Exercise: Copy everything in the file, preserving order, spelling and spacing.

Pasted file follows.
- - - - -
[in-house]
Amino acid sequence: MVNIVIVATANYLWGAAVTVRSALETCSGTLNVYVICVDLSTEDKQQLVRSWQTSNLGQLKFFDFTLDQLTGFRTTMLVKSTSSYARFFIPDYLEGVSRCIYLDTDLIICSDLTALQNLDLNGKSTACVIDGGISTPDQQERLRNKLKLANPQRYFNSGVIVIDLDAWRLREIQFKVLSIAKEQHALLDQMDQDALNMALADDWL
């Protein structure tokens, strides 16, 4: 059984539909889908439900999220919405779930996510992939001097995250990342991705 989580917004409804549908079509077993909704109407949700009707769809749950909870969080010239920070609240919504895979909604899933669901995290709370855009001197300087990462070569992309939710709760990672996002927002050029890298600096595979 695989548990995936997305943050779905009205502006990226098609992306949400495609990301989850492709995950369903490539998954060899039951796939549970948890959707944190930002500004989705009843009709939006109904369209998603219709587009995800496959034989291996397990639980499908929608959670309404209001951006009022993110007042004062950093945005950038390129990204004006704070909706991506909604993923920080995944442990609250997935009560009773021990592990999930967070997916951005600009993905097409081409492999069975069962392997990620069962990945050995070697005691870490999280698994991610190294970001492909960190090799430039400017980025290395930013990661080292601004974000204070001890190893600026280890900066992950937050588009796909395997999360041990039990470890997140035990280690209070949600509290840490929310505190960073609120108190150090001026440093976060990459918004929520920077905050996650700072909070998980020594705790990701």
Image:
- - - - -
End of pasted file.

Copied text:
[in-house]
Amino acid sequence: MVNIVIVATANYLWGAAVTVRSALETCSGTLNVYVICVDLSTEDKQQLVRSWQTSNLGQLKFFDFTLDQLTGFRTTMLVKSTSSYARFFIPDYLEGVSRCIYLDTDLIICSDLTALQNLDLNGKSTACVIDGGISTPDQQERLRNKLKLANPQRYFNSGVIVIDLDAWRLREIQFKVLSIAKEQHALLDQMDQDALNMALADDWL
């Protein structure tokens, strides 16, 4: 059984539909889908439900999220919405779930996510992939001097995250990342991705 989580917004409804549908079509077993909704109407949700009707769809749950909870969080010239920070609240919504895979909604899933669901995290709370855009001197300087990462070569992309939710709760990672996002927002050029890298600096595979 695989548990995936997305943050779905009205502006990226098609992306949400495609990301989850492709995950369903490539998954060899039951796939549970948890959707944190930002500004989705009843009709939006109904369209998603219709587009995800496959034989291996397990639980499908929608959670309404209001951006009022993110007042004062950093945005950038390129990204004006704070909706991506909604993923920080995944442990609250997935009560009773021990592990999930967070997916951005600009993905097409081409492999069975069962392997990620069962990945050995070697005691870490999280698994991610190294970001492909960190090799430039400017980025290395930013990661080292601004974000204070001890190893600026280890900066992950937050588009796909395997999360041990039990470890997140035990280690209070949600509290840490929310505190960073609120108190150090001026440093976060990459918004929520920077905050996650700072909070998980020594705790990701």
Image: